A juggling act: Making December memories at the Koger
By Megan Sexton, email@example.com,803-777-1421
You think your life is hectic during the holidays?
Listen to a sample of Steve Borders’ schedule for December, which includes juggling commencement and convocation with performances of the Nutcracker and other holiday events at the Koger Center for the Arts.
Take Dec. 14, for example. Two performances of the Columbia City Ballet’s Nutcracker for children will take the Koger stage at 9:30 and 11:15 a.m. Then it’s time to sweep up the snow and set the stage for the USC College of Nursing’s convocation at 2 p.m. Next it’s a reset of the stage for the holiday ballet classic, performed that night at 7:30.
A few days later, the university’s doctoral hooding ceremony is set for 1:30 p.m. Monday, Dec. 17. The Nutcracker finishes its run the day before, so the staff will work until about 11 p.m. Sunday night cleaning the stage before arriving back at 8 a.m. to set up for commencement. Next? Rip it out to set the stage for “West Side Story,” which opens three nights later.
But Borders, the technical director of the Koger Center, isn’t complaining. Instead, he and the other Koger Center staff members do everything they can to make each event special.
“We try to create an intimate and refined experience,” he says. “Each event has its own distinct flavor. We want to make sure people leave events with a ticket stub and a lasting, positive memory of the Koger Center and the university.”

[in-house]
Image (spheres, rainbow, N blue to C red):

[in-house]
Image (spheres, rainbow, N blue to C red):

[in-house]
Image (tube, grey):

For commencements and convocations, that means everything from varying the types of receptions in the lobby and changing how graduates process to adding a brass band and reconfiguring the seating of the platform party.
“We try to give the audience members a memorable experience,” he says.
Borders knows plenty about the operations of the Koger Center; he is one of the original employees. Borders was hired in 1988, soon after receiving his media arts degree from Carolina. He was charged with helping to finish the Koger Center, putting up the orchestra shell and installing the sound system before the arts center opened in 1989.
“I had no idea how long I’d be here,” he says. “I was very young when I started and have kept going and going. I graduated from here and I feel like it’s my part to give back to USC.”
Along with Borders’ work at the Koger, the sounds he helps create are familiar to hundreds of thousands of Gamecock fans. For the past 25 years he has been the man behind the sound system at Williams-Brice Stadium. He even created the rooster crow heard at the stadium and around campus, blending together several recordings of roosters to perfect the sound.
“I try to give the football stadium a one-of-a-kind sound system, doing everything we can to enhance the game-day feel,” he says. “When you’ve got ESPN and CBS saying you’ve got the loudest stadium in country, you’ve got to be proud of that.”
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